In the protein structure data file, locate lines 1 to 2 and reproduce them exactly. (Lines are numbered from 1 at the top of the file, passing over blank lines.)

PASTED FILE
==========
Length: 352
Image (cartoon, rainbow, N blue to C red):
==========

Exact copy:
Length: 352
Image (cartoon, rainbow, N blue to C red):